One of Karijni’s most transfixing enticements is its wealth of gorges, deep scars gouged into the landscape. The drama of their soaring sides, the cool enticement of still waters and the abundance of flora and fauna that dwell in and around them means it is almost impossible to single out just one or two for attention: Weano Gorge, Dales Gorge, Hancock Gorge, Hamersley Gorge and Joffre Gorge should all be on your list.
These picturesque spring-fed falls cascade down the stepped rocks all year round, making it the only permanent falls in the park. A dip and a happy snap while waist-deep in the waters that pool at its base are absolute must-dos.
Placed as if by providence at the junction of Joffre Gorge, Weano Gorge, Red Gorge and Hancock Gorge, this vantage point offers up one of WA’s most quintessential panoramas down sheer red/orange cliff faces into the plunging gorges and the waters at their bases. Sleep tight There are two locations for overnight camping in the park, including at Dales Campground. Or you can really indulge in the experience with a stay in one of the luxe eco tents at Karijini Eco Retreat, which is proudly Indigenous owned.
The park is home to a veritable menagerie of species, from frogs to fish to birds. Keep your eyes peeled for the Western pebble-mound mouse, which lives among the spinifex and makes its mound from small pebbles, the sweet-faced Rothschild’s rock wallaby and the unique Burton’s snake lizard (also known as the Burton’s legless lizard), one of the many snakes and lizards at home here.
Located within the Ningaloo Coast World Heritage Area, 40 kilometres south-west of Exmouth, Cape Range National Park sprawls across 50,581 hectares dotted with limestone ranges, canyons, 50 kilometres of immaculate beaches and more than 700 caves. Known as Warnangura in the Baiyungu local language, Cape Range has been culturally significant to the Baiyungu, Thalanyji and Yinikurtura Traditional Owners for thousands of years.
The three-kilometre (return) Mandu Mandu Gorge walking trail snakes its way along a rocky creek bed deep in the gorge, before a steep path delivers you to the gorge rim with its awesome views out to Ningaloo Reef. The walk is best experienced in the early morning or late afternoon.
The trails into Charles Knife Canyon and Shothole Canyon are easily accessed from Exmouth. Charles Knife Road winds to the top of the range, with views over the Cape Range landscape and Exmouth Gulf. The Shothole Canyon drive is a 12-kilometre-long scenic 4WDonly route along the floor of the gorge, walled with limestone.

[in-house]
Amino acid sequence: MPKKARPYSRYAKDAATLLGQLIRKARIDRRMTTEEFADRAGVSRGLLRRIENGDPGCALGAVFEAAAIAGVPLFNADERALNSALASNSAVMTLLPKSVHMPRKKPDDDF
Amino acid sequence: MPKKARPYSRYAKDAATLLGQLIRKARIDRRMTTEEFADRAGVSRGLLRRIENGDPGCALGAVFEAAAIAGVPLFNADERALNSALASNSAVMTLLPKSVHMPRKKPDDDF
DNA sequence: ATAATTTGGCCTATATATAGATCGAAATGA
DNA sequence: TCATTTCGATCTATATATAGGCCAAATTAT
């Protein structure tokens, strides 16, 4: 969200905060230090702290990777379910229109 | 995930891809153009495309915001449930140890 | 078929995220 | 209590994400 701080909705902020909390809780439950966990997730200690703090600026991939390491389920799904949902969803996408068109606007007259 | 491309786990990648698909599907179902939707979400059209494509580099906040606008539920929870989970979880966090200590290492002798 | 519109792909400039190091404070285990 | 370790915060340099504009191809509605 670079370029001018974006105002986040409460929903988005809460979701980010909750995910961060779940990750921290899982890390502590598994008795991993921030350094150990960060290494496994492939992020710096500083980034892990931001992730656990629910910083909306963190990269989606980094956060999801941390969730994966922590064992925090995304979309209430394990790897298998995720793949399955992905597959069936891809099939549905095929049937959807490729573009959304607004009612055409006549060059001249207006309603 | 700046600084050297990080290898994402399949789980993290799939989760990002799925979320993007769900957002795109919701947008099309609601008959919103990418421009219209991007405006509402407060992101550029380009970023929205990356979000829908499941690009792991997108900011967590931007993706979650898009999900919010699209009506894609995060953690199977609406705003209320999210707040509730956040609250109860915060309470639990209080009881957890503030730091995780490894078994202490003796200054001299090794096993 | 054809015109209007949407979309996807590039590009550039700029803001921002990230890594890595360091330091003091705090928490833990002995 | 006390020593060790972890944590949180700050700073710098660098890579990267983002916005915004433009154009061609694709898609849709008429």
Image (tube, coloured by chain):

Turquoise Bay boasts one of the best beaches in the country, and snorkelling here offers the opportunity to see colourful marine life. Oyster Bay, meanwhile, is located in a sanctuary zone encrusted with oysters in Ningaloo Marine Park (so look but don’t touch).
The sheer cliffs of Yardie Creek Gorge plunge to the abundant waters of Yardie Creek below, where you can canoe, kayak or join a leisurely boat tour. There are two walks you can attempt here: the easier Yardie Nature Walk and more challenging Yardie Gorge Trail.
The abundant mangrove trees here offer the perfect camouflage for its bird hide, where resident and migratory birds can be observed as they come to feed, frolic and rest in the sheltered bay, as the tides ebb and flow.
The UNESCO World Heritage-listed Ningaloo Reef is one of the largest fringing reefs and one of the longest near-shore reef systems in the world, where visitors can swim with majestic whale sharks (which are really fish) and actual whales.
The park’s isolation means endemic plant and animal species flourish, including the white-centred Sturt’s desert pea in wildflower season. Kangaroos, emus, black-flanked rock wallabies, dingoes and perentie (a large lizard) all thrive here.
There is an abundance of campgrounds within the park that offer visitors the chance to experience a blissful remove from modern life. Book a spot – demand is high from April to October – and indulge in the privileged immersion into nature at its most elemental that overnighting here provides.
The NSW Central Coast and Western Australia’s Margaret River region are Australia’s newest ECO Destinations after receiving certification with Eco...
There’s no shortage of things to do in Australia this month. If anyone knows that it’s us, so here is what’s happening in your state this June. ...
Historical convict sites, jaw-dropping wilderness, amazing sand formations and cultural sites where earth and memories exist as one, are just the tip ...
Get your Akubra out, chuck your thongs on and head down to Bunnings for a snag sanga. It’s time to show just how Aussie you are. In Australia, we d...
Take a journey into the vast, red heart of Australia and discover the magic of the outback. Here are seven of Australia’s best outback road trips to...
Discover Australia's top 100 Amazing Road Trips. Start planning your next road trip by reading our 100 Amazing Road Trips by experience below. Coast...
For the best travel inspiration delivered straight to your door.
LEAVE YOUR COMMENT